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National Psychosis Service - Inpatients

How our service can help you

The National Psychosis Service (NPS) is a clinical-academic tertiary service offering innovative individualised evidence-based multidisciplinary strategies to help those people with complex psychosis, including schizo-affective disorder, where standard treatment guidelines have proven ineffective or have not been tolerated. The service aims to enhance quality of life through tailored treatments and promotion of recovery thus reducing the need for high intensity placements and the risk of readmission.

Internationally renowned expertise in resistant psychosis is provided by a team of dedicated clinicians offering comprehensive medical reviews alongside innovative, bespoke treatment approaches. Themes include complex co-morbid physical health conditions which directly affect psychiatric treatment options; clozapine re-challenge after a significant adverse reaction; clozapine non-response.

Our specialist service is supported through established partnerships with the academic Departments of Psychosis Studies and Psychology based within the Institute of Psychiatry, Psychology and Neuroscience, King’s College London. We also liaise with clinical experts within other specialties across King’s College London and King’s Health Partners. The National Psychosis team is closely linked to the Maudsley Pharmacy and the other national specialist mental health services.

The service aims to enhance quality of life through collaborative working towards recovery. We regularly audit and publish our service outcomes and receive excellent feedback from our patients and their families. Benefits include reduction in psychosis, less frequent episodes of illness, improved social functioning, better understanding of the illness by the patient and carers and enhanced engagement with physical and mental health care plans. We have published evidence that admissions result in reduced morbidity, fewer days spent in hospital, lower antipsychotic doses, substantial reductions in the risk of readmission or high intensity placements and less expensive long-term costs.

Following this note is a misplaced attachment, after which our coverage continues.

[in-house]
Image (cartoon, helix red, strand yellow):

As our patients may be a long way from home, we aim to make admissions as short as possible and communicate regularly with carers, the referring team and CCGs or CSUs to plan care and facilitate timely discharge.

**The National Psychosis Unit will no longer be overseen by the Croydon and BDP directorate as of July 3, 2023. The PMOA Directorate will oversee the clinical and operational management of the unit**

  • Treatment type: Inpatient
  • Contact the service

    Site Location: Bethlem Royal Hospital Email: Phone Number: 020 3228 4322 or 020 3228 4276
  • Disabled Access: Service is located on first floor
  • Address: Bethlem Royal Hospital
    First Floor,
    Fitzmay 2
    Fitzmary House
    Monks Orchard Road,
    BR3 3BX
  • Business Hours/Visiting Hours:

    Outpatient: 9am – 5pm

    Visiting times: 10am-8pm

  • Other essential information

  • Conditions: schizo-affective disorder, schizoaffective disorder, Addictions, Anxiety, Attention deficit hyperactivity disorder (ADHD), Autism, Bipolar disorder, Body dysmorphic disorder (BDD), Childhood degenerative disorders, Dementia, Depression, Dissociative disorders, Eating disorders, Learning disabilities, Neuropsychiatry, Obsessive compulsive disorder (OCD), Perinatal disorders, Persistent physical symptoms, Personality disorders, Post-traumatic stress disorder (PTSD), Psychosexual, Psychosis, Self-harm


  • Psychosocial interventions implemented by a team with collective expert knowledge of complex and difficult to treat psychosis with an in-depth, specialist understanding of the treatment challenges and workable solutions to meet the needs of this client group
  • Liaison with physical health partners for enhanced management of complex physical health conditions and co-morbidities
  • Comprehensive pharmacological review of recorded treatments and side effects
  • Innovative and bespoke pharmacological treatments
  • Clozapine re-challenge after major complications or difficulty in initiation
  • Consistent delivery of bespoke nursing care plans
  • Therapeutic groups for health promotion and well-being interventions
  • Evidence-based cognitive behavioural therapy (CBT) and family therapy
  • Low intensity psychological interventions in individual and group formats, for example, coping with unusual experiences, improving sleep, problem-solving, mindfulness
  • Proactive and accessible support for carers
  • Suitable for nursing in an open and mixed gender environment at the time of transfer
  • Individual carer support including psycho-education